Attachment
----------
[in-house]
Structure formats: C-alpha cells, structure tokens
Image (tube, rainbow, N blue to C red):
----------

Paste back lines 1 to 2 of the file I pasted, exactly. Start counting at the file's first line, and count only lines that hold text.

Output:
[in-house]
Structure formats: C-alpha cells, structure tokens